The cardinal rule of statutory construction is to ascertain and effectuate the intent of the legislature.  Hodges v. Rainey, 341 S.C. 79, 85, 533 S.E.2d 578, 581 (2000) (citations omitted).  All rules of statutory construction are subservient to the maxim that legislative intent must prevail if it can be reasonably discovered in the language used, and that language must be construed in light of the intended purpose of the statute.  McClanahan v. Richland County Council, 350 S.C. 433, 438, 567 S.E.2d 240, 242 (2002).  Whenever possible, legislative intent should be found in the plain language of the statute itself.  Whitner v. State, 328 S.C 1, 6, 492 S.E.2d 777, 779 (1997).   “Where the statute’s language is plain and unambiguous, and conveys a clear and definite meaning, the rules of statutory interpretation are not needed and the court has no right to impose another meaning.”  Hodges, 341 S.C. at 85, 533 S.E.2d at 581.  

The Eminent Domain Procedure Act (the Act) provides:

[a] condemnor shall pay interest at the rate of eight percent a year upon sums found to be just compensation by the appraisal panel or judgment of a court to the condemnee. This interest shall accrue from the date of filing of the Condemnation Notice through the date of verdict or judgment by the court. Interest accruing on funds on deposit with the clerk of court must be offset against the interest computed pursuant to this section. Interest shall not accrue during the twenty-day period commencing upon the date of verdict or order of judgment.  If the judgment is not paid within the twenty-day period, interest at the rate provided by law for interest on judgments must be added to the judgment. Thereafter, the entire judgment shall earn interest at the rate provided by law for interest on judgments.

S.C. Code Ann. § 28-2-420(A) (2005) (emphasis added).  The Act also provides that “[i]n the event of conflict between this act and the South Carolina Rules of Civil Procedure, this act shall prevail.”  S.C. Code Ann. § 28-2-120 (2005).

Rule 67, SCRCP, allows a judgment debtor to avoid further accrual of post-judgment interest pending the resolution of an appeal from the judgment by depositing the judgment with the court.  Russo v. Sutton, 317 S.C. 441, 444, 454 S.E.2d 895, 896 (1995).  The rule provides:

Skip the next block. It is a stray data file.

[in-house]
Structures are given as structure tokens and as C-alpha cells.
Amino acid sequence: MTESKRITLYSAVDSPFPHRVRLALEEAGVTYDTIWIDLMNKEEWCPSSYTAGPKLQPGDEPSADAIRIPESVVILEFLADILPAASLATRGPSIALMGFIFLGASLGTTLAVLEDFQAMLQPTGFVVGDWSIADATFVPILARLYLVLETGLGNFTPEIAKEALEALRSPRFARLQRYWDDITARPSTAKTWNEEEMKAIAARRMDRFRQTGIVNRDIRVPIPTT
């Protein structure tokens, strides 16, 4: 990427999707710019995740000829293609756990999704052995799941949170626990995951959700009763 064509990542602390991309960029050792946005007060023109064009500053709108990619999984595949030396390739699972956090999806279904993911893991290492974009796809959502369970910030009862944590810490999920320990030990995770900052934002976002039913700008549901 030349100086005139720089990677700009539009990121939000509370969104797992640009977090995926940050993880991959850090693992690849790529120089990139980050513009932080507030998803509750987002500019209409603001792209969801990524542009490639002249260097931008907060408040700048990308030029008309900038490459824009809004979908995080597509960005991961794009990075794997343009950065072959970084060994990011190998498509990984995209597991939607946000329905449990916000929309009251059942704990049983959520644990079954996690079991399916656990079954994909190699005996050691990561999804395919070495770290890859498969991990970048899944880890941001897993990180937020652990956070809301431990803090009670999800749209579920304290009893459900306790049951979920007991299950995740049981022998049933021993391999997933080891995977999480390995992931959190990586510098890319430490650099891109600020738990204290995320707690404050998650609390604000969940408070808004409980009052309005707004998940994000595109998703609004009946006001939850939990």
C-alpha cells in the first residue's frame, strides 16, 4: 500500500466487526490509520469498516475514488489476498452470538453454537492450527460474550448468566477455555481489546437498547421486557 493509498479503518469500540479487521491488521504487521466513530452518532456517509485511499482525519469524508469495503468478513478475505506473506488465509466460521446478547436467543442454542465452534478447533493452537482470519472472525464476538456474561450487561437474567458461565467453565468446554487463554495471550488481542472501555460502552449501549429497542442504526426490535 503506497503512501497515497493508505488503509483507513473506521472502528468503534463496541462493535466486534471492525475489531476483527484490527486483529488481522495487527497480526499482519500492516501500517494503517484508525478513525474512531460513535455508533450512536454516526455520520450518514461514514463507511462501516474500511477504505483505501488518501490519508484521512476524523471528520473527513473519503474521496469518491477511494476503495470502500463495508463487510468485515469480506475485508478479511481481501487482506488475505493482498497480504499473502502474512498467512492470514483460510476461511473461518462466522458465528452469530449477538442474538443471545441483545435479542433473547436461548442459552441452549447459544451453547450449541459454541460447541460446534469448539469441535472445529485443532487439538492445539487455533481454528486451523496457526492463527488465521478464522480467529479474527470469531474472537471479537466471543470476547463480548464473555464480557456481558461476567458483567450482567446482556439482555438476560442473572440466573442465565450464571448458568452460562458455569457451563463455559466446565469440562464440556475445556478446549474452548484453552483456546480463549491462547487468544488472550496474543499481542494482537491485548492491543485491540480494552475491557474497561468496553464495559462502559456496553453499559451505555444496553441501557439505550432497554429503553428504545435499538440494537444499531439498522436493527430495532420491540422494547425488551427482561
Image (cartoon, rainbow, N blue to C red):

[i]n an action in which any part of the relief sought is a judgment for a sum of money or the disposition of a sum of money or the disposition of any other thing capable of delivery, a party, upon notice to every other party, and by leave of court, may deposit with the court all or any part of such sum or thing, whether or not that party claims all or any part of the sum or thing. Money paid into the court under this rule shall be deposited as directed by the court in any bank or institution authorized to receive public funds, and shall be withdrawn only upon the check of the clerk of court in favor of the party to whom the order of the court directs.

Rule 67, SCRCP. 

The Act clearly requires post judgment interest to be added to any judgment which is not paid within the twenty day period.  Any deposit under Rule 67, SCRCP, would be in direct contravention of the Act’s requirement that post-judgment interest be added to the condemnation judgment.  To resolve the inherent conflict between these provisions, we need look no further than the clear and unambiguous language of the statute.  Section 28-2-120 mandates that in the event of conflict, the Act prevails over the rules of civil procedure.  Accordingly, the trial court erred in allowing SCDOT to deposit the judgment funds in order to stop the accrual of post-judgment interest.